Today my colleague Tavia joins us with this guest post about Laura Lippman, whose most recent novel, I'd Know You Anywhere, is just out in paperback. Some of you may remember how much I loved this book when I read it last year. I literally hid myself from my family so that I could keep reading it - it was that unputdownable. In any case, this is Tavia's post, not mine, so here you have her, and Laura!
One of the best parts of my job doing book marketing is developing long-term relationships with authors, many of whom are funny, kind, intelligent and grateful. Laura Lippman is the perfect example of this sort of author, and I have had the pleasure of marketing her novels since No Good Deeds, in 2006. There have been some unusually exciting moments along the way—the breakout What the Dead Know, and the stunning performance of I’d Know You Anywhere, which made news for its ebook sales, hit the New York Times list, was listed as a Best Book of 2010 by many, and was nominated for both Los Angeles Times and Edgar Awards.
When it came time to publish the paperback edition of I’d Know You Anywhere, we knew we had to do something special. Part of that special was to send a note to the booksellers who have been Laura’s supporters through the years. And while it’s addressed to booksellers, I think the sentiment is equally true for you, her readers. Here’s a little glimpse into our publishing process, as I share with you now the Laura’s letter, dated December 2010.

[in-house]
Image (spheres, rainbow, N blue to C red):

First, I want to thank you for helping to make 2010 one of the best years of my life. I never lose sight of how much I need booksellers and bookstores, how nothing replaces the word-of-mouth enthusiasm created by those who truly love books. When people asked how I’d Know You Anywhere did, I could reply sunnily: “It had a very charmed life.” So thanks for waving your wands over it and I hope you'll continue to show it the same kind of support when it toddles out in the world in paperback.
As I said, 2010 was simply one of the best years of my life, and I hope many of you can say the same thing. But whatever kind of year you had in 2010, there's no reason not to wish for an even better 2011. Every year, when I sit down to write a new book, my one-word resolution is “Better.” It's not a bad resolution for life in general, I have found.
All my best, Laura
P.S. Just as Laura resolved, her next novel The Most Dangerous Thing really is better than the one before. What a writer! To prove it, we will send an early galley of this September publication to the first five readers to post a comment to this post.
Tavia Kowalchuk is a Senior Marketing Director at William Morrow and has the privilege of working on hardcovers, trade paperbacks, and cookbooks published within that imprint.